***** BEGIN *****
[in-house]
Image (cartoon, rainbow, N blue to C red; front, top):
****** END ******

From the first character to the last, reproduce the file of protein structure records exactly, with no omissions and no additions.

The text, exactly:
[in-house]
Image (cartoon, rainbow, N blue to C red; front, top):